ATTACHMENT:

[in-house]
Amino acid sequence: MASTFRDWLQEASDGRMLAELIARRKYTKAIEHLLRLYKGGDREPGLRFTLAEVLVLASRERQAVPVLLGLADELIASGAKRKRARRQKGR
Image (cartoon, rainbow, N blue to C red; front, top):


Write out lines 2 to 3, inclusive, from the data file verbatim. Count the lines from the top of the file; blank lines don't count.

Amino acid sequence: MASTFRDWLQEASDGRMLAELIARRKYTKAIEHLLRLYKGGDREPGLRFTLAEVLVLASRERQAVPVLLGLADELIASGAKRKRARRQKGR
Image (cartoon, rainbow, N blue to C red; front, top):